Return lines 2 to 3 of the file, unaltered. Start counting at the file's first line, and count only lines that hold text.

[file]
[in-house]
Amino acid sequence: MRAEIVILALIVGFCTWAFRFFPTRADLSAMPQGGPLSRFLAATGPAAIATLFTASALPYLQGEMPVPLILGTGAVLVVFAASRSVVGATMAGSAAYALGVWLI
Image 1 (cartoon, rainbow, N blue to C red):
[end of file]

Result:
Amino acid sequence: MRAEIVILALIVGFCTWAFRFFPTRADLSAMPQGGPLSRFLAATGPAAIATLFTASALPYLQGEMPVPLILGTGAVLVVFAASRSVVGATMAGSAAYALGVWLI
Image 1 (cartoon, rainbow, N blue to C red):